The resolution of conflict in the workplace has gone way beyond getting the two parties together and chatting over their differences. In the financially uncertain times we live in, employees who are struggling to hold onto their jobs are focussing on personal agendas and this is where conflict will naturally arise.
Where conflict occurs, we are presented with options as to how we handle it. The most famous model for conflict resolution was devised by two psychologists and is known as the Thomas-Killman Model and it recognises five ways of dealing with conflict –
- Competing – One party takes a wholly assertive and uncooperative approach
- Accommodating – One party takes a wholly unassertive and cooperative approach
- Avoiding – Sidestepping or withdrawing from the issue
- Compromising – Both assertive and cooperative to some extent
- Collaborating – The belief that with two parties in dispute, the possibility for both sides to get what they want
In addition to utilising the Thomas-Killman Model, our courses are highly participative and use NLP to understand –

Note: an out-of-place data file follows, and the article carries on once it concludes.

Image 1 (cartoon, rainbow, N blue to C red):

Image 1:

- The root causes of conflict
- Our reactions to conflict and why we react like we do
- Our default positions and those of others
- How conflict can escalate and what we can do to stop the escalation
- The core skills and processes required to manage conflict effectively
- How to deal with challenging behaviour and situations at work
As we’ve mentioned, conflict at work is commonplace and in the vast majority of cases, the conflict resolution policy and process in most businesses isn’t anywhere near as robust or coherent as it should be.
Disputes, in whatever form they may take, generally always lead to fallouts, disharmony and distractions and from a business standpoint, it negatively affects productivity and profitability. The financial costs coupled with the emotional costs can have a catastrophic effect on the future of your business.
For more information on our Conflict Resolution workshops and to discuss availability and booking, please contact us today.